Figure 3. Selective left subclavian angiography demonstrating (a) a severe stenotic lesion (arrow) proximal to the origin of the left internal mammary artery (LIMA), and (b) correction of stenosis after dilatation and stenting. Angiographic LIMA flow was markedly improved (arrow).

SAS was successfully treated with dilatation and placement of a 6.0 × 59 mm self-expanding biliary stent (Boston Scientific Corp., Natick, MA, USA) demonstrating recovery and normalization of flow towards the LIMA (Fig. 3b). After subclavian artery intervention, his chest pain and blood pressure improved. The patient was discharged home 14 days after CABG. At 12-months follow-up, the patient continues to do well with no recurrence of his angina symptoms.


The LIMA is currently used in most CABG surgeries due to excellent long-term patency [4]. Since the first description of this entity by Harjola and Valle [5], there have been isolated case reports of CSSS. Atherosclerosis is the most common cause of stenosis (95-97%), although arteriovenous fistula, Takayasu’s arteritis, congenital aortic abnormalities, and thoracic outlet syndrome have also been described as possible causes [2, 6].

The presence of symptoms within the first 2 years of surgery indicates that the patient had already a relevant stenosis at the moment of CABG [7]. The clinical diagnosis is based on history and physical examination. A difference in blood pressure readings between arms of more than 10 mm Hg suggests the diagnosis. Once the clinical syndrome is suspected, an image-based approach must follow using Doppler ultrasound, computed tomography angiography, magnetic resonance angiography and arteriography [8]. The current treatment options for this syndrome include surgical or endovascular revascularization. The endovascular approach with percutaneous transluminal angioplasty (PTA) and peripheral stenting has been considered first-line treatment for SAS and has many advantages including a minimally invasive approach, shorter hospital stay, less morbidity, and avoidance of general anesthesia compared to surgical bypass techniques. Initial success rates of PTA/stenting for SAS have been 100% in multiple studies compared to more variable outcomes with subclavian artery occlusions. Overall, long-term patency is excellent, with nearly 90% of patients free of restenosis at 4 years. Surgical methods to manage SAS include carotid-subclavian, carotid-axillary, axillo-axillary, and aorta-subclavian bypasses, as well as transposition of the internal mammary artery. These surgical procedures are relatively high risk but may be the only option for revascularization in patients with a completely occluded subclavian artery. Surgical bypass has been the preferred option in circumstances where length of the lesion is > 5 cm, where there is severe calcification and complete occlusion near the ostium of the vertebral artery [9, 10].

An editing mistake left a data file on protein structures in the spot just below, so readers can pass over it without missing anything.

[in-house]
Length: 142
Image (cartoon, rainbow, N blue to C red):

Percutaneous intervention on the subclavian artery prior to bypass grafting appears to be an attractive approach and is becoming the most popular in patients not requiring emergent CABG. Although there are no published data with regard to timing of CABG after SAS stenting, aspirin should be given after stenting and can be continued through CABG. The role of clopidogrel in subclavian artery stenting has not been studied. Given the large caliber of the subclavian artery and low thrombosis rates, CABG can theoretically be performed safely soon after intervention, even within the first few [4, 11].


CSSS should be considered in the differential diagnosis of patients presenting with angina or acute coronary syndrome after CABG. A careful pre-operative assessment, with a detailed history and physical examination, looking for signs or symptoms of arm claudication, as well as blood pressure measurement in both arms will help diagnose this entity before CABG surgery is performed. If a clinical finding suggests stenosis of the left subclavian artery, a selective angiography should be performed during the routine coronary angiography.

Grant Support


Conflicts of Interest